Ratification of multilateral environmental agreements: Civil society access to international institutions
- Journal Article
The stage in which countries formally decide on whether to participate in (i.e., ratify) international agreements is crucial to global governance efforts. The reason is that, by and large, international agreements with greater participation are more likely to contribute to effective problem solving. We study the role procedural design characteristics of agreements play in such decisions. Specifically, we examine whether treaties’ provisions allowing non-state actors to participate in treaty making, which is widely regarded as an important procedural aspect of governance, increases the likelihood of ratification. Our empirical testing relies on a new time-series-cross-sectional dataset that includes information on the ratification behaviour of 154 countries with respect to 178 multilateral environmental agreements in 1950–2011. We find that treaty provisions allowing for greater non-state actor access to the meetings of the parties indeed increase the likelihood of treaty ratification. The result is robust to controlling for the effects of various other treaty design characteristics and country characteristics on ratification behaviour. The main policy implication is that, despite occasional debate over drawbacks of involvement of non-state actors, the latter tends to support global environmental governance efforts and should be further enhanced. Show more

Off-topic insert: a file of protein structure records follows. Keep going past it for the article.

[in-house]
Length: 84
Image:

Journal / seriesJournal of Civil Society
Pages / Article No.
SubjectMultilateral environmental agreements; treaty design characteristics; civil society; Conference of the Parties (CoPs); ratification
Organisational unit03446 - Bernauer, Thomas / Bernauer, Thomas
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